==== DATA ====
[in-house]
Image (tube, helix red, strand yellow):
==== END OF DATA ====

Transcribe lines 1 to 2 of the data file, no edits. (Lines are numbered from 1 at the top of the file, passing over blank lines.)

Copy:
[in-house]
Image (tube, helix red, strand yellow):